From Wikipedia, the free encyclopedia
Wikiversity logo.
Detail of the Wikiversity multilingual portal main page.
Screenshot of home page
Slogan"set learning free"
Type of site
Educational, self study
Available inMultilingual
OwnerWikimedia Foundation
Created byWikimedia community
LaunchedAugust 15, 2006
Alexa rank
Decrease 28,670 (August 2015)[1]

Wikiversity is a Wikimedia Foundation project[2][3] that supports learning communities, their learning materials, and resulting activities. It differs from more structured projects such as Wikipedia in that it instead offers a series of tutorials, or courses, for the fostering of learning, rather than formal content.


Wikiversity's beta phase officially began on August 15, 2006, with the English language Wikiversity.

The idea of Wikiversity began with the initial development of the Wikiversity community within the Wikibooks project, however when it was nominated for deletion from Wikibooks, soon there was a proposal to make Wikiversity an independent Wikimedia project,[4] with the fundamental goal to broaden the scope of activities within the Wikimedia community to include additional types of learning resources in addition to textbooks.

Two proposals were made. The first project proposal was not approved (2005) and the second, modified proposal, was approved (2006).[5]

The launch of Wikiversity was announced at Wikimania 2006 as:

.... the idea here is to also host learning communities, so people who are actually trying to learn, actually have a place to come and interact and help each other figure out how to learn things. We're also going to be hosting and fostering research into how these kinds of things can be used more effectively.[6]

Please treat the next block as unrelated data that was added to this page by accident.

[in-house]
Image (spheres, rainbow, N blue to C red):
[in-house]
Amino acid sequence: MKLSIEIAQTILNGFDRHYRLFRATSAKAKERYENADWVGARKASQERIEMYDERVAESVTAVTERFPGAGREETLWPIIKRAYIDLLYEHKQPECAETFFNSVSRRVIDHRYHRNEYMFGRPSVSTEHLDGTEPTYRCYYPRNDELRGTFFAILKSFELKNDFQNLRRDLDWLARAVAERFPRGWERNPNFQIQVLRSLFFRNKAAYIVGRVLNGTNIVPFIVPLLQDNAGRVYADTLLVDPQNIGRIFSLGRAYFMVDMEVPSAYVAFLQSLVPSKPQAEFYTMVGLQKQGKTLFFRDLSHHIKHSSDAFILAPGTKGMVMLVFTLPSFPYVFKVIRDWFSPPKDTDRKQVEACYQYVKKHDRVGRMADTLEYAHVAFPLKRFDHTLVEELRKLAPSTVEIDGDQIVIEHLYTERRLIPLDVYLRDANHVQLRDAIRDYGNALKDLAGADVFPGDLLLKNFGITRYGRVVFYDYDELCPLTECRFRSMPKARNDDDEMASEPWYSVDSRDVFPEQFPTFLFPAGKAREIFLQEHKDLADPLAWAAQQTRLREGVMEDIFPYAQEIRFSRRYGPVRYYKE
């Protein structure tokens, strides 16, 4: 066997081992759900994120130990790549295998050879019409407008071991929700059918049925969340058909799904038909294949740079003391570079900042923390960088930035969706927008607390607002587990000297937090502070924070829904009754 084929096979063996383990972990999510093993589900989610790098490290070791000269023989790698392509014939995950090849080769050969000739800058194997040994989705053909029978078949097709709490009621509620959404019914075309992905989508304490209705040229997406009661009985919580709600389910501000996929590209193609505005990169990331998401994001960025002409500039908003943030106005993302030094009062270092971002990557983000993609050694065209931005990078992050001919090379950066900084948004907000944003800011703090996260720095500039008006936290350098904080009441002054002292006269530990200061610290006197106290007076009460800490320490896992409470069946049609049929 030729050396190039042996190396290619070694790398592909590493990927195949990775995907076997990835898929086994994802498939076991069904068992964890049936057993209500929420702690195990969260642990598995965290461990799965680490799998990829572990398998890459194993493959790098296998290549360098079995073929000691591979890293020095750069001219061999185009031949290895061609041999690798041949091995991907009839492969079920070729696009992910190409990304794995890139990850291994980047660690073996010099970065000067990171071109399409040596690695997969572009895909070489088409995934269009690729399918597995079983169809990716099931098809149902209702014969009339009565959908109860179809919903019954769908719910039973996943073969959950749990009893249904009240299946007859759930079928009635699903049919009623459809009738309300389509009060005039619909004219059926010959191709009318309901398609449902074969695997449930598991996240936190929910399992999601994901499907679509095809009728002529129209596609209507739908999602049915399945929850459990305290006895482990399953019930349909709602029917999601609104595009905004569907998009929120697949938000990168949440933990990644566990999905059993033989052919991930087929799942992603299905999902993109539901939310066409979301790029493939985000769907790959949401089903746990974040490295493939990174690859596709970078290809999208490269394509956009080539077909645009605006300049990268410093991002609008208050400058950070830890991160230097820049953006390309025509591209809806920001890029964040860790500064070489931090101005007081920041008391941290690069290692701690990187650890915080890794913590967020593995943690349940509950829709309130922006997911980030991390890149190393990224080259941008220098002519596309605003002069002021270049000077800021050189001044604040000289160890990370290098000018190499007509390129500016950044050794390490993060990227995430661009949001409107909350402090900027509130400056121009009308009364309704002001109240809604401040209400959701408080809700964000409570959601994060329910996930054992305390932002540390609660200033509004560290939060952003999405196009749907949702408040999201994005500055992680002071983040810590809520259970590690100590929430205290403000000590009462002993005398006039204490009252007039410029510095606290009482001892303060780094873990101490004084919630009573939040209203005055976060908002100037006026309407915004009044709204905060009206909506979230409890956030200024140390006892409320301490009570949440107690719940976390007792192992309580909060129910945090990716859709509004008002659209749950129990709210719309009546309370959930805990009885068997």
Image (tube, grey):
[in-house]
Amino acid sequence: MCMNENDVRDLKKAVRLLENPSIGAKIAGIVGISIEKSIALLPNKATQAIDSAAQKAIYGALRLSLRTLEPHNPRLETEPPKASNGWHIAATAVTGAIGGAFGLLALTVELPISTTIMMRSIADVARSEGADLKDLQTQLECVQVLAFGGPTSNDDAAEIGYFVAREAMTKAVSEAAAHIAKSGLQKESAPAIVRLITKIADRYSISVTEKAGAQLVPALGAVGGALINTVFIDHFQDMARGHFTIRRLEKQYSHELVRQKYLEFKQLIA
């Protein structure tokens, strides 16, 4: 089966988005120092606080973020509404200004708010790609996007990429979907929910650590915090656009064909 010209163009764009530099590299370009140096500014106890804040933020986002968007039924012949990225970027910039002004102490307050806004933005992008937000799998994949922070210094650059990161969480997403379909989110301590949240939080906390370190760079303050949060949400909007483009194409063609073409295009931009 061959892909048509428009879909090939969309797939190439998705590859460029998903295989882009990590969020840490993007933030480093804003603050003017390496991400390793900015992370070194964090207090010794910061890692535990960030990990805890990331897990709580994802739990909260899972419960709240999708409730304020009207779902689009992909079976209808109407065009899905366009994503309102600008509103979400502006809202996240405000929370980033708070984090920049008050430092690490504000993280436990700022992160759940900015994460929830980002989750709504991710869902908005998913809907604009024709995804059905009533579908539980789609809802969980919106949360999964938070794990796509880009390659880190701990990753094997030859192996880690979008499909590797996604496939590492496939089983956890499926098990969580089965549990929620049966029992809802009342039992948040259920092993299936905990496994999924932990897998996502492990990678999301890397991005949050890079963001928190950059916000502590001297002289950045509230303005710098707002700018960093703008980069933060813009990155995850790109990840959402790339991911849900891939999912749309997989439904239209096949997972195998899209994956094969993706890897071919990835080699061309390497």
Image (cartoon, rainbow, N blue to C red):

— Wikimania, 2006

Project details[edit]

Wikiversity is a center for the creation of and use of free learning materials, and the provision of learning activities. Wikiversity is one of many wikis used in educational contexts,[7] as well as many initiatives that are creating free and open educational resources.

The primary priorities and goals for Wikiversity are to:

  • Create and host a range of free-content, multilingual learning materials/resources, for all age groups in all languages.
  • Host scholarly/learning projects and communities that support these materials.[8]

The Wikiversity e-Learning model places emphasis on "learning groups" and "learning by doing". Wikiversity's motto and slogan is "set learning free",[9][10] indicating that groups/communities of Wikiversity participants will engage in learning projects. Learning is facilitated through collaboration on projects that are detailed, outlined, summarized or results reported by editing Wikiversity pages. Wikiversity learning projects include collections of wiki webpages concerned with the exploration of a particular topic.[11] Wikiversity participants are encouraged to express their learning goals, and the Wikiversity community collaborates to develop learning activities and projects to accommodate those goals. The Wikiversity e-Learning activities give learners the opportunity to build knowledge. Students have to be language aware in order to be able to correct their classmates. By doing this, students develop their reflection skills. Secondly, they enable students to be autonomous deciding what to write or edit, also when and how to do it. Students are able to free resort to any mean of support. At the same time, it fosters the Cognitive development engaging students to collaborate between them. However, as the project is still in its early stages,[12][13] its learning model is still in development.